Gray Squirrel

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Eastern Gray Squirrel
Sciurus carolinensis


    Kingdom: Animalia
    Phylum: Chordata
    Class: Mammalia
    Order: Rodentia
    Suborder: Sciuromorpha
    Family: Sciuridae

The gray squirrel is one of Minnesota's most common wildlife species. It is often seen in backyards, parks and wooded rural areas. Because of its thick furry tail, it is sometimes called bushytail.

Gray squirrels have slender bodies with bushy tails, large eyes, and white or brownish to rusty-colored bellies. Their fur looks grey and generally soft and silky. Up close you can see that their fur is actually rather salt and pepper, which of course mixes to look grey. A lot of them have wiry tan hairs dotted throughout their fur. In the fall they will begin preparing for winter and with a thick coat beginning to come in can look quite stocky, and seem much larger than in the summer months. The hindlimbs are generally longer than the forelimbs, and they have four or five toes on each foot. Their paws on their forefeet include a thumb, although this is often poorly developed. The feet also have a soft pad on the underside.

They are mainly tree-dwelling, but spends much of their time on the ground.

Length: Eight to 12 inches, with a tail roughly the same length.

Weight: aprox. 1.5 pounds.


Gray squirrels live amoung both coniferous & hardwood forests, wooded parks and residential areas. They are found throughout Minnesota but are most common in hardwoods in the central part of the state. Squirrel numbers have increased in recent years due to suburban sprawl and backyard bird feeders. Gray squirrels are one of the few animals that thrive in areas where houses break up natural woodlands. The gray squirrel is a very diverse animal, native to North America.

In the wild, eastern gray squirrels can be found inhabiting large areas of mature, dense woodland ecosystems, that generally cover 40 *hectares of land. These forests usually contain large amounts of dense vegetation that provides sufficient amount of food sources and favorable shelters for eastern gray squirrels.

Grey squirrels have a penchant for oak trees, beech trees, pine trees and other trees & bushes which produce nuts, such as hazel brush here at Deer Trail.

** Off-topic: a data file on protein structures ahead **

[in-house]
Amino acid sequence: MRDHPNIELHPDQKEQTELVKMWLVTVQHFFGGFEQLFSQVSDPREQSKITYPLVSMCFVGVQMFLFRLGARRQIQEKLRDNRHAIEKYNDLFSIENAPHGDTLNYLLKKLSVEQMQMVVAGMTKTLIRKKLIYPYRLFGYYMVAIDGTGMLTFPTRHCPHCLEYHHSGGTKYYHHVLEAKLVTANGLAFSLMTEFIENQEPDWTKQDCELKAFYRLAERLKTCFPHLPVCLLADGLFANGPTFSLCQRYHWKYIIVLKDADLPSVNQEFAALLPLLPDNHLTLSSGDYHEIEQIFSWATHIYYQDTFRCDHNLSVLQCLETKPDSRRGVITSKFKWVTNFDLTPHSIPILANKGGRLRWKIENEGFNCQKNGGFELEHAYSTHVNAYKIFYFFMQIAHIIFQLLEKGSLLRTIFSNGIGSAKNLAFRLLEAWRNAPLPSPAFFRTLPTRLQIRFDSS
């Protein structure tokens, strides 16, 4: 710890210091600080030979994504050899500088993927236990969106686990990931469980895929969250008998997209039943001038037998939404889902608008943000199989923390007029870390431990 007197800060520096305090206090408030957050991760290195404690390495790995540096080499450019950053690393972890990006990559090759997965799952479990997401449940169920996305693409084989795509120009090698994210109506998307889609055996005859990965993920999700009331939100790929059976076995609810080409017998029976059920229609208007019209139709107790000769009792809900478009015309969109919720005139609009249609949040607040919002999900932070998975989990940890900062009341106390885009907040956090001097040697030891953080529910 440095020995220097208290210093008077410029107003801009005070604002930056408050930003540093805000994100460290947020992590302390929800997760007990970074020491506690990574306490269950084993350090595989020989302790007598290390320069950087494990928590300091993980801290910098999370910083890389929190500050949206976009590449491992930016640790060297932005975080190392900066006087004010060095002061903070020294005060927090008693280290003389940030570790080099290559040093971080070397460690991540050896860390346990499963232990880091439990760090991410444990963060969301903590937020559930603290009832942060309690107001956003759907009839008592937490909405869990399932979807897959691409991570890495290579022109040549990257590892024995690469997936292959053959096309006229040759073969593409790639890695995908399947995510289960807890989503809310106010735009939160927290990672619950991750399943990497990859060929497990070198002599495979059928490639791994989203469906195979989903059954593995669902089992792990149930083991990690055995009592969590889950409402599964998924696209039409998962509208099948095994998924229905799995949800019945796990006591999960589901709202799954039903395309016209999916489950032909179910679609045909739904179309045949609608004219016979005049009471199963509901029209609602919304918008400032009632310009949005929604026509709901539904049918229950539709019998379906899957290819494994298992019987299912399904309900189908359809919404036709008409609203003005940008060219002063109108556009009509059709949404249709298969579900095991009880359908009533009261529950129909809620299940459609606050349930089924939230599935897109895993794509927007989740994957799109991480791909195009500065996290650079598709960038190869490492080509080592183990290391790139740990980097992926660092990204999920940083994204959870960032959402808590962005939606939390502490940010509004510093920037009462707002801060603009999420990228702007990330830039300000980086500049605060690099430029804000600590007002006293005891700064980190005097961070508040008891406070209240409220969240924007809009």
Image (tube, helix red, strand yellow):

(*hectares-metric unit of area: a metric unit of area equal to 100 ares or 10,000 sq m)

The Gray Squirrel must eat every day even in the winter. It does not hibernate and is unable to conserve enough energy to survive for long periods without food. It is most active during the early and late hours of the day, and tend to avoid the heat in the middle of a summer day, when it searches for whatever fruit, shoots, and seeds are in season. Small thumbs on it's front paws allow it to hold securely as it feeds. The squirrel's diet varies according to season. It eats manly tree bark and fungi in the winter and buds in the summer. In September it eats nuts and acorns.

Squirrels cannot digest cellulose and must rely on foods rich in protein, carbohydrates, and fat. Naturally, nuts are a large part of their diet, along with berries & seeds. Other foods grey squirrels dine on are acorns, hazelnuts, walnuts, pinenuts, fungi, buds, insects, eggs, berries, blulbs, shoots, bark, vegetation, deer sheds, bone, smaller creatures, millet, corn, peanuts, sunflower and saflower seeds. It is safe to say that grey squirrels enjoy a very well balanced diet.

The Gray squirrel is a scatter-hoarder; it hoards food in numerous small caches for later recovery. Some caches are quite temporary, especially those made near the site of a sudden abundance of food which can be retrieved within hours or days for re-burial in a more secure site. Others are more permanent and are not retrieved until months later. It has been estimated that each squirrel makes several thousand caches each season. The squirrels have very accurate spatial memory for the locations of these caches, and use distant and nearby landmarks to retrieve them. Smell is used once the squirrel is close to the cache.

A gray squirrel can hide 25 nuts in a half an hour and can later find roughly 80 percent of the those it buried.

Nests & Reproduction

Gray Squirrels construct their nests sometimes called dens or dreys can be found in a hollow tree or built between sturdy branches usually close to the trunk of a large tree. By chewing on the scars where small dead branches have fallen, squirrels help to make nesting cavities for future generations. Fungi soon invades the wood, softening it to create the hollows. They also have been known to take shelter within abandoned bird nests. The nests are usually lined with moss, soft plants, thistledown, dried grass, and feathers. These perhaps provide and assist in the insulation of the den, used to reduce heat loss. A cover to the nest is usually built afterwards.